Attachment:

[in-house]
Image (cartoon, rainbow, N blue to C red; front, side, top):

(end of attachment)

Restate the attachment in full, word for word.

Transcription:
[in-house]
Image (cartoon, rainbow, N blue to C red; front, side, top):